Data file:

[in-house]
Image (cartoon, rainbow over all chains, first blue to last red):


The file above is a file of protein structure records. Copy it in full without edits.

[in-house]
Image (cartoon, rainbow over all chains, first blue to last red):